It is difficult to predict anything about the future, but especially our future, the 21st century, because there are so many competing factors at play. For example, while it is true that the traditional populations of the West will become older, there are huge immigrant populations which will get younger. They, by virtue of their youth and their immigrant status, will want change and probably be very happy to embrace it.

Secondly, we live in an age dominated by bureaucrats and quangos - people who relish change because it gives them their raison d'etre: managing change. Such people have an interest in ensuring that change is as relentless as possible.

Thirdly, the constant progress seen in technology has filtered down to people in the form of a belief that progress should be constantly happening. Windows 7 might have a bug, but the next update will solve it. There may be a feature missing, but the next service pack will add it. There may be an annoying way of doing things, but the next version of Windows will change it.

Facebook is an example of something which constantly changes. I am not talking about the "content" but the site itself. Only today I saw that last night they had changed how photos are shown on the main page, and the new way isn't even an improvement. It doesn't add any new functionality or make things any simpler. It's just a change. The developers are constantly testing the water, trying this and that, actually quite frivolously.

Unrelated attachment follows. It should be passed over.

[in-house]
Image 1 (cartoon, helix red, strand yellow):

However, and this supports your thesis and contradicts mine, every time a change occurs on Facebook, people complain about it. They don't complain about its merits or lack thereof, but about the fact that something that wasn't broke has been fixed.

I think it's true that the vast majority of people do not enjoy change. They may like it as an idea, but not as an experience. There are a few people who do, because they have an amazing open-mindedness and flexibility, and they enjoy the daily challenge to keep up with stuff, to adapt and experience new things. They find fun what most people find troubling.

There are also people who are "pathological change lovers". Where the above category of people are pragmatic about change and generally very happy within themselves, this category is totally different. I think of somebody like George Monbiot or Harriet Harman. These people strike me as miserable within themselves and deeply resentful of the fact that other people are happy. They want to see society barraged by change, change, change. They would call it progress, but what it really is is a secret desire to make everyone else as miserable as them by taking away their security, their stability. They want a society in which nobody ever knows what the situation is because everything changes so fast. In such a society, people like them (the pathological change lovers) will become idols.